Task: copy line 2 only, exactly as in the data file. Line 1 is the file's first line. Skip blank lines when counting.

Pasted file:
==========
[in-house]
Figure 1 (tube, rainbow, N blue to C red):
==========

Figure 1 (tube, rainbow, N blue to C red):